Pulitzer Prize-winning poet Paul Muldoon has been hailed by the Times Literary Supplement as “the most significant English-language poet born since the Second World War.” In addition to earning a bundle of superlatives, he is also a professor at Princeton University and the poetry editor at the New Yorker. He is musically inclined, and plays guitar in the rock band, The Wayside Shrines. He released a volume of lyrics called The Word on the Street in 2013. And, before his day jobs were entirely belletristic, he worked as a TV and radio producer for the BBC.
It is probably not surprising that such an accomplished poet was precocious. As a university student in Belfast, he was taught by Nobel laureate and poet Seamus Heaney. The reality is a tad fuzzy — even Muldoon can’t recall it precisely — but the legend goes that the young Muldoon sent his poetry to Heaney, asking him to tell him what was wrong with it. Heaney replied, tersely, with “Nothing.” This intergenerational bond, from one great Northern Irish poet to another, was for Muldoon, more than a special meeting of minds.
Seamus Heaney was substantially responsible for jump-starting Muldoon’s literary career. Heaney connected this young talent with the poetry editor at Faber & Faber, enabling Muldoon to publish his first collection of poetry while he was still a student, at the age of 21. After graduation, he began working for the BBC in Belfast, before finding work in academia. He taught at Cambridge and East Anglia, before working at Oxford as a poetry professor until 2004.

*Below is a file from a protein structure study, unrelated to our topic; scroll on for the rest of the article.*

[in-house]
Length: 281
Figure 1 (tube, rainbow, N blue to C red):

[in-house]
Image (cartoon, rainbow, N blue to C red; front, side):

General Admission by Paul Muldoon. Loughcrew: The Gallery Press, 2006. First edition, limited issue of 100 numbered copies signed by Muldoon on the title page. Copy #67. Rear board upper corner bumped with corresponding creasing on twenty text pages upper corners and on the dustjacket. Very Good condition in a Very Good dustjacket. Signed by Author. First Edition. Hardcovers. 8vo - over 7¾" - 9¾" tall. Limited Edition. Offered by Revere Books.
Today, Muldoon has stable roots in America, where he now resides. He lives in Princeton, with his two children and his wife, in a house which was once a tavern where George Washington spent some time. He recently showcased his New York office for a New York Times magazine feature about where writers write. One may agree that Muldoon has quite impressive taste in antique furniture.
But what of his poetry? Few would protest that Muldoon is a grand wordsmith. He is perpetually after the most precise language, whether it means playing with Irish dialects, arcane disciplines, or whatever mood fits his work. Take this threnodic line he wrote in his most recent book, One Thousand Things Worth Knowing, dedicated to his recently departed hero: “I cannot thole the thought of Seamus Heaney dead.” Thole, or "to tolerate or bear without evidence," is an archaic Scottish word that many contemporary dictionaries are likely to neglect. Yet for the remembrance of Heaney, the fellow Celt who famously vivified Beowulf in his masterful translation, Muldoon’s labor is expertly placed.